Barack Obama photo

Interview With Chuck Todd on MSNBC's "The Daily Rundown"

July 15, 2010

[Broadcast Date: July 16, 2010]

Chuck Todd: Mr. President, thank you very much for taking some time to do this.

The President: Great to see you, Chuck. Thank you.

Chuck Todd: Good to see you.

All right, let's start with why you're here. It's another groundbreaking for one of these battery plants. It's an attempt to show some positive results from a stimulus program that is being received a little more skeptically by the public now, even as opposed to where things were 15 months ago. Why the disconnect?

The President: The first thing to know is specifically what's happening here in Holland, Michigan, but also all across the country. When we came into office, America accounted for about 2 percent of the advanced-battery markets for electric and hybrid cars. And what we did was we said, "Look, let's put up $2.4 billion that has to be matched by private dollars."

And now you've got nine advanced-battery manufacturing facilities already up on line. Ultimately there are going to be 21. And we expect that by 2015 we are going to have about 40 percent of the market in advanced-battery technology. And that's going into, by the way, a couple of the cars that we saw today, the Chevy Volt as well as the Ford Focus.

So this is an example, I think, of what our economic strategy has been from the start. We had a disaster on our hands. We've been able to stabilize the economy and prevent the free fall. Instead of 750,000 jobs a month being lost, we've now gained jobs in the private sector for five consecutive months. But we've still got a long way to go.

And so, not surprisingly, the American people, who are out of work, who are still struggling to pay the bills, they still want to see more action when it comes to jobs. And I don't blame them. But what I do want to point out is the very specific things that are being done as a consequence of some tough votes that were taken by Democrats last year.

Chuck Todd: Were there more things in the stimulus -- you talked about the public-private partnership. We're seeing a ton of private capital not in the game right now. A couple of trillion dollars is what one estimate says it is. Were there not enough public-private partnerships in this stimulus at the beginning?

The President: Well, it turns out that we are actually getting three dollars in private investment for every dollar that went into the recovery act. So that leveraging is taking place. You've got to remember also that about a third of the recovery act last year was tax cuts. And nobody talks about it, but those were not just tax cuts to individuals. They were also tax cuts to small businesses.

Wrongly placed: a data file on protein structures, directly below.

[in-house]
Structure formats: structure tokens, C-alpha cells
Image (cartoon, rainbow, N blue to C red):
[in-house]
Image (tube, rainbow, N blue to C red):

But there's no doubt that there's more that can be done. And so that's why, for example, next week I hope the Senate takes up the proposal to get small businesses loans, because although big companies are now getting loans, you're still seeing problems with respect to small companies getting credit.

Chuck Todd: You had this meeting yesterday with Warren Buffett, President Clinton, some other CEOs. And I understand the issue of private capital getting into the market, I assume, came up. What are they telling you -- what are these CEOs telling you of why this money isn't being spent right now to create jobs? You know, you hear that it's "We don't know what the government's going to do. There's too much uncertainty." Is that what you're hearing?

The President: Yeah, I'll tell you exactly what Warren Buffett said. He said we went through a wrenching recession, and so we have not fully recovered. We're about 40, 50 percent back. But we've still got a long way to go. And the reason people haven't fully invested yet and started creating as many jobs as we would like is because it takes some time to come back.

He used a good example in the housing market, where about 1.2 million households are formed that buy a house each year. That's been the historic trend. But we went through a span of time, four or five years, because of the bubble and subprime lending and all the shenanigans that were going on with the mortgage market, where we were building 2 million homes a year. Now we're building 500,000. And what Warren pointed out was, "Look, we're going to get back to 1.2 (million), but right now we're soaking up a whole bunch of inventory."

So a lot of the challenge is to work our way through this recession, try to accelerate not only profits, because companies now are making money primarily because they cut costs, but also to see the opportunities out there. And that's what we were trying to show with this plant. There are enormous opportunities for the future. We just have to seize them.

Chuck Todd: I understand Warren Buffett told some business leaders last week at a conference that he no longer fears a double-dip recession. Are you confident no double-dip recession?

The President: I am confident that we are moving in the right direction. The economy is definitely growing and we are definitely seeing additional hiring.

Chuck Todd: Should we fear a double dip?

The President: Well, here's what we should fear, that if we don't keep track, keep on track with the policies that we put in place -- if we started seeing, for example, a wrenching reversal in investment, the kinds of plants that we saw today, we could end up having problems. We could further slow growth.